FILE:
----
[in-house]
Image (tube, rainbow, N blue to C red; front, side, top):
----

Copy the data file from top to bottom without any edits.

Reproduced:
[in-house]
Image (tube, rainbow, N blue to C red; front, side, top):